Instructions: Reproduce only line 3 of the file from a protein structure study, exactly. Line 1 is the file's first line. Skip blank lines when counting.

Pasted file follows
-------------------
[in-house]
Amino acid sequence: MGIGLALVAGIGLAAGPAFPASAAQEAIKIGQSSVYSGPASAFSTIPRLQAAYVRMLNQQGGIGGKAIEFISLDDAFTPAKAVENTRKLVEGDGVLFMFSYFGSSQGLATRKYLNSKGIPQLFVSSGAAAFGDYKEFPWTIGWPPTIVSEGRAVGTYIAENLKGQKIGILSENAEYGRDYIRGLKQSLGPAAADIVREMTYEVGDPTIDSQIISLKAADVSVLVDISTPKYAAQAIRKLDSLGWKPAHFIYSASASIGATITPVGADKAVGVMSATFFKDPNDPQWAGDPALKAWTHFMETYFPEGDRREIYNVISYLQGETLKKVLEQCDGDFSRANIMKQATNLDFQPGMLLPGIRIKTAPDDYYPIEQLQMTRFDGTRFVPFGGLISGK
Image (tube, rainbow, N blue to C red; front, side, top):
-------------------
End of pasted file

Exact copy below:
Image (tube, rainbow, N blue to C red; front, side, top):